Zao Wou-ki and Chu Teh-Chun: The Generation of International Abstraction
Celebrated for generations in Europe and Asia, the work of Zao Wou-ki (1921) and Chu Teh-Chun (1920) has for decades fared less well in North American critical circles. Fêted almost since their arrivals in their adopted home of France – Zao in 1947 and Chu in 1955 – and embraced as card-carrying members of the École de Paris, this warm welcome itself played a critical role in their varied worldwide receptions in the decades that followed.
Zao’s and Chu’s European success was a mark of distinction in terms of their subsequent receptions in Asia. But as the dominant art historical narrative of the post-war decades would have it, a group of now-famous Irascibles in “New York stole the idea of modern art” from a Paris depleted of its artistic elder statesmen and fatigued by its wartime experience.i In the complicated cultural politics of post-war painting, the triumph of Abstract Expressionism (as “New York School” painting came to be known) was inscribed in the annals as the defeat of the École de Paris. Art history was written by the winners, and Tachisme, art informel, or ‘lyrical abstraction’ – different terms for European abstraction of the period – never seemed to pack the muscular, one-two punch of American Ab-Ex.
As we’ve become wary of such Manichean perspectives, a fresh look at the whole of this generation of artists is warranted. Zao and Chu were exact contemporaries of celebrated European artists of the time, such as Pierre Soulages (1919), Georges Mathieu (1921), and Karel Appel (1921). And among the same generation from North America – Jules Olitski (1922), Sam Francis (1923-1994), Ellsworth Kelly (1923), Jean Paul Riopelle (1923-2002), Kenneth Noland (1924), and Joan Mitchell (1925) – it’s quite significant that they all ventured to France to work, live and study in the late 40s or early 50s. Most remained for many years, and some, like Zao and Chu themselves, for the rest of their lives.
Contrary to the clear-cut and familiar art historical record, Paris in the 1940s and 50s was still a strong magnet for leading artists – regardless of their nationality. And the watershed move to abstraction by Zao in 1953 and Chu in 1956 put their work in the ranks of the most advanced painting of the time.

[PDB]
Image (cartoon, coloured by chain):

But if art history’s blind spots suggest we need a more nuanced view of the period, how much more this is true for the work of individual artists and specific works of art. While the oeuvres of Zao and Chu sit comfortably within the generation of international abstraction, each has a character and gestural quality uniquely his own – and this despite the parallels in their individual artistic developments: from realism to a dramatic, weighty abstraction to a lighter, refined style in recent years, during which each has produced what is arguably his most extraordinary body of work. Sotheby’s is pleased to present a small group of works by Zao Wou-ki and Chu Teh-Chun that offer a glimpse of their paths of development over the decades.
The earliest work on offer is Chu Teh-Chun’s Composition No. 108 (1961, Lot 38), a richly textured composition fleshed out in the heavy impasto and dramatic, graphic contrasts popular in painting of the period. Yet the work is unequivocally resonant with memories of the Chinese landscape tradition, with its play of light and dark, the resulting spacious atmosphere, the pronounced horizontality of the painting, and the mountainous landscape imagery Chu’s painterly bravura evokes. It is work of this nature – charged with the force of nature itself, the ultimate source of his abstraction – that led to Chu’s recognition as a bridge between the rich history of Chinese aesthetics and the world of advanced Modernism in which he circulated in Paris.
i The classic text in this regard is Serge Guilbaut’s How New York Stole the Idea of Modern Art: Abstract Expressionism, Freedom, and the Cold War (Chicago: University of Chicago Press, 1983), although the battle lines were drawn much earlier than Irving Sandler’s The Triumph of American Painting: A History of Abstract Expressionism (New York: Praeger, 1970).
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